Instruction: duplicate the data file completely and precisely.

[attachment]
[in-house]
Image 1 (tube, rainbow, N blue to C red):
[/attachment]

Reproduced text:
[in-house]
Image 1 (tube, rainbow, N blue to C red):